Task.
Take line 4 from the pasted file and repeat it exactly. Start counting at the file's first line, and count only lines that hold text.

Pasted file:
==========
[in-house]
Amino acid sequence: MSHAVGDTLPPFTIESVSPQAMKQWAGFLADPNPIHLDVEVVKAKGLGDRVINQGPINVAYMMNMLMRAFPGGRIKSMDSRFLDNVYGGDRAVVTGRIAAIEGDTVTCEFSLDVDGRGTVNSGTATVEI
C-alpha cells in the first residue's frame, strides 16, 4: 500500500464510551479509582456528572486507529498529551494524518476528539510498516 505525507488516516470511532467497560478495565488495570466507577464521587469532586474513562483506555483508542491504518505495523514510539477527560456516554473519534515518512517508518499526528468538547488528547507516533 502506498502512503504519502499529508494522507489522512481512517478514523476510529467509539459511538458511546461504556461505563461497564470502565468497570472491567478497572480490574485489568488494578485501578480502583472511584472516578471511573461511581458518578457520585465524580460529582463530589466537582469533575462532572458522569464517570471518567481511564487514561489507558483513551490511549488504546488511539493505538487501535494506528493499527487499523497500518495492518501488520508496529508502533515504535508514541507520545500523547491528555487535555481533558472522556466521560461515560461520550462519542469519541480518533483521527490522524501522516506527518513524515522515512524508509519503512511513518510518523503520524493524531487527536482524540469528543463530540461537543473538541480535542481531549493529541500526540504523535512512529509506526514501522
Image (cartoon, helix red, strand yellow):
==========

Image (cartoon, helix red, strand yellow):